What Should Certified Public Accountants (CPAs) need to Prepare For the Latest Developments in Financial Audit?

First, the external auditors must be prepared for the significant changes Sarbanes-Oxley and two related SASs from the ASB on their audit of public companies. The new developments now require these auditors to test controls in all transaction cycles and to prepare comprehensive reports on the effectiveness of their clients’ internal control over financial reporting. They would have to put a mix of existing procedures as cycle rotation would no longer will be an acceptable technique in their public audits.

Second, these auditors should inform their clients to be prepared to have a comprehensive system of internal controls, where most probably a project team should report directly to the CEO or CFO to accomplish the purpose. The personnel of the said team must from personnel from accounting, finance operations, legal, internal audit, information systems, and human resources.

Third, in preparing or gathering information upon direction of management of their client to document internal control pursuant to evaluation information control,  auditors should be always be reminded to protect their independence and objectify. The moment independence is affected, they would most likely be no longer objective in their audits and everything regarding the audit would become doubtful as to reliability.

Fourth, auditor’s opinion on the effectives of entity internal controls, although it may consider the results of management’s test of the operating effectiveness of controls, should be still be  based on the control criteria and purely relying on client results as principal evidence would not be acceptable. The client results as indicated here would include the tests performed by the internal auditor who are still the employees of management and their independence could still be presumed to be in question. The need to reperform test of controls should be a guide that must be followed by external auditors. It must be remembered that auditors are evaluating the works of management’s evaluation of their own internal control and their results need not be the same.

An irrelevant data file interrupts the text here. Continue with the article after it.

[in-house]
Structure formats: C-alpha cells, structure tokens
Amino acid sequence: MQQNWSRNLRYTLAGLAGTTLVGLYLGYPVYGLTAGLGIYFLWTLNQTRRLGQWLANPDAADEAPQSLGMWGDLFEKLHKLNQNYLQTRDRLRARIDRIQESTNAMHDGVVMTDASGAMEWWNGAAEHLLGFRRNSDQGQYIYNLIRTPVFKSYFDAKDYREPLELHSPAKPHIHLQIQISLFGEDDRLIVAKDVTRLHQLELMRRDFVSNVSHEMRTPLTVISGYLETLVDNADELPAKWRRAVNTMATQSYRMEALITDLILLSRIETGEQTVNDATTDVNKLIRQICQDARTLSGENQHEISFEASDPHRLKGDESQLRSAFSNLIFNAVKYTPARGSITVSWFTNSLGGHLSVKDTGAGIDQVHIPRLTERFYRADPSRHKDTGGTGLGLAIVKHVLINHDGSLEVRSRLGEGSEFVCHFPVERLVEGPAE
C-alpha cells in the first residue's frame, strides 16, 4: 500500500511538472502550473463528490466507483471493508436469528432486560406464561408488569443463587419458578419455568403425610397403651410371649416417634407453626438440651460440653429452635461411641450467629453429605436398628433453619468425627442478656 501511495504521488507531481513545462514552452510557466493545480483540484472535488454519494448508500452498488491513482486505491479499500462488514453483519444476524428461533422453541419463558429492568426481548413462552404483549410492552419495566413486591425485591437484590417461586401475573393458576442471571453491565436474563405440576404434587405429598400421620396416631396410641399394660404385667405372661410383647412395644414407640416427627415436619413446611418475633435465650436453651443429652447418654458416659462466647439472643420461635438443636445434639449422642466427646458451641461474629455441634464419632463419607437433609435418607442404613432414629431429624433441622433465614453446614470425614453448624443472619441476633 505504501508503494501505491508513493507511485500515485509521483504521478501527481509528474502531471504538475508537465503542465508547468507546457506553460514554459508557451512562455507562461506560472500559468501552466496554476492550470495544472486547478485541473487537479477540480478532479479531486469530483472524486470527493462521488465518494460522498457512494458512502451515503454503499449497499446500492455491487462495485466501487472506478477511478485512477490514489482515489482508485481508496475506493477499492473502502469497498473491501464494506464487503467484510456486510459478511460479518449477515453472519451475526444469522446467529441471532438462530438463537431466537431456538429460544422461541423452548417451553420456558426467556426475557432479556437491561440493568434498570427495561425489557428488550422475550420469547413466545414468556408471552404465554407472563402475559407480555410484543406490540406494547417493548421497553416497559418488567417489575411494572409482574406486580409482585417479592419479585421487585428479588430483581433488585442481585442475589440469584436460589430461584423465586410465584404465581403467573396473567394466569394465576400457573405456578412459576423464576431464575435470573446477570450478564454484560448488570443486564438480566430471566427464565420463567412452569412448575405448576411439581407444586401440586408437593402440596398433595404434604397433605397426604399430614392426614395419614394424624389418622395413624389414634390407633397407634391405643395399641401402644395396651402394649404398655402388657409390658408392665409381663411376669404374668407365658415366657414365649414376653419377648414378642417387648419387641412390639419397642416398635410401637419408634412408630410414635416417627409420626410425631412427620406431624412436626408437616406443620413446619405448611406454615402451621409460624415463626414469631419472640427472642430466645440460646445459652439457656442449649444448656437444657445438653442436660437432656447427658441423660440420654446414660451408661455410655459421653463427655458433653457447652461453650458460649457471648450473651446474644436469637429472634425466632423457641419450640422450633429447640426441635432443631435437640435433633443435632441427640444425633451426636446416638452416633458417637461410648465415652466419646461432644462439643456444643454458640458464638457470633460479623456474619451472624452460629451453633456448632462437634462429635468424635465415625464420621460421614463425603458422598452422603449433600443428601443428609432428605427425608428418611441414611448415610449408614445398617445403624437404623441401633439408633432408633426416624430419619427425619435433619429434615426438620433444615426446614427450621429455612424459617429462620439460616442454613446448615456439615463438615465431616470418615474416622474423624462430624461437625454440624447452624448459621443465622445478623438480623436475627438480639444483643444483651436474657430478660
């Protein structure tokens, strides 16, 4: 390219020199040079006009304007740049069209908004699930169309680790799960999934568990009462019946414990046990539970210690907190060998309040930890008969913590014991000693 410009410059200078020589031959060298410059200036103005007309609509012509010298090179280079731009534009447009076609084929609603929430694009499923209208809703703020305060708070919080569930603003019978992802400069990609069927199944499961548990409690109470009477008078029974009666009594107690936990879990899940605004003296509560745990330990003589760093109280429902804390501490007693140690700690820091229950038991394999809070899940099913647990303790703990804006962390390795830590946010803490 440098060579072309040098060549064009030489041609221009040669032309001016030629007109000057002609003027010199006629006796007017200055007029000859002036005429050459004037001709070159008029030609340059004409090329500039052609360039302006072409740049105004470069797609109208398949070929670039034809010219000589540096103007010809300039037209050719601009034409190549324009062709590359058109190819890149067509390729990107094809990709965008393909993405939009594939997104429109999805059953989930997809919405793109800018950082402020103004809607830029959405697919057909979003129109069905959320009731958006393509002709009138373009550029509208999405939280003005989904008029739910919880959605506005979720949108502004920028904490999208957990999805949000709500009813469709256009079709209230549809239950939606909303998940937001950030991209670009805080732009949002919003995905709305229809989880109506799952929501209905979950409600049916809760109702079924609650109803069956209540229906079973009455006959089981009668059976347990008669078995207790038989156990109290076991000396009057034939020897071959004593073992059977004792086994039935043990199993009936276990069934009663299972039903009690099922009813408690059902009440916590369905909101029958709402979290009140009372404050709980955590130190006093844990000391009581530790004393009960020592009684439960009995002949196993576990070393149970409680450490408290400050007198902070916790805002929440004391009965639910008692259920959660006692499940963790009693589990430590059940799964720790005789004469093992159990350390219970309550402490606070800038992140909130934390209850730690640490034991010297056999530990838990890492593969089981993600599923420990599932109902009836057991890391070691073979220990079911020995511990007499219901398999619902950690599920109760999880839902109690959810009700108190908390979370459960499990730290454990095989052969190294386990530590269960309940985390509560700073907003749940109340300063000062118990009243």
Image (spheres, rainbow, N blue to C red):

Fifth, auditors are required to take into consideration all test results and identified deficiencies in the control, as they give opinions on the effectiveness about the design and operation of their client’s internal controls. Unqualified opinion could not be justified in case of material weakness on said internal control.  If clients have failed to obtain sufficient evidence or to provide adequate client documentation as support for their own internal control evaluation, the same should be deemed material weakness as may be appropriate under the circumstance and  would serve as warning about the impropriety of giving unqualified or clean opinion.  Although it would be possible for an auditor to issue a clean opinion on their client’s financial statements, while qualifying their opinion of the effectiveness of internal controls, the users of information should be informed about the findings for each separate coverage of the audit of clients financial statements and internal control.

The need for ethical integrity in relation to internal control

The need to have ethical integrity in business organizations must be above other requirements in business if business organizations are to have effective internal control and even to  sustain their lives under a capitalistic economic system. This part of paper argues for the importance of ethical integrity in organizations by appreciating its effects in relation to requirement of a successful financial audit. Examining practical, ethical/social obligations of some known corporations, which have been violated ethical requirement in business organizations including the people who have failed to practice what are consistent with ethical integrity,  could suggest appropriate actions that may help in enhancing optimal and ethical decision-making process that would help business organizations a lot in ensuring successful financial audit.